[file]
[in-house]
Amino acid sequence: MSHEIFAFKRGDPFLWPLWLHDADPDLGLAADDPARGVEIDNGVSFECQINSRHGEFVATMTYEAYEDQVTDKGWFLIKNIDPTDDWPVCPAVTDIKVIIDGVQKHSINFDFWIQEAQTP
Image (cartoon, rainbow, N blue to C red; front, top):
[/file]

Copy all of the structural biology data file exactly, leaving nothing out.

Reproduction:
[in-house]
Amino acid sequence: MSHEIFAFKRGDPFLWPLWLHDADPDLGLAADDPARGVEIDNGVSFECQINSRHGEFVATMTYEAYEDQVTDKGWFLIKNIDPTDDWPVCPAVTDIKVIIDGVQKHSINFDFWIQEAQTP
Image (cartoon, rainbow, N blue to C red; front, top):